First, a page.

The great Yanny vs. Laurel debate may have been settled (it’s actually “Laurel,” no matter what you heard), but there are plenty of other ways to trick your ears — and learn a little science in the process.

Perhaps the most famous is the McGurk effect, a phenomenon named for Harry McGurk, half of the research duo who first wrote about the auditory illusion back in the 1970s. McGurk and his colleague John MacDonald recorded a voice articulating one consonant, then matched it with a video that showed a person articulating another consonant. Even though the audio file never changed, the researchers observed that individuals thought they were hearing two different things, depending on whether they listened to the clip alone or heard it while also watching the video.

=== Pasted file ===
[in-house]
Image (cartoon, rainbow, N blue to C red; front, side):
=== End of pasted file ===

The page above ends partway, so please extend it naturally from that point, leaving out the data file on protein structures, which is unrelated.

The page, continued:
The experiment has been tweaked and repeated plenty of times since the 1970s; you can watch one example in this BBC video.

So what’s going on here? Dr. Kevin Franck, director of audiology at Massachusetts Eye and Ear, says it all goes back to the brain’s inherent desire to assign meaning to confusing stimuli, like an ambiguous sound. “Your …read more

Source:: Time – Science

      

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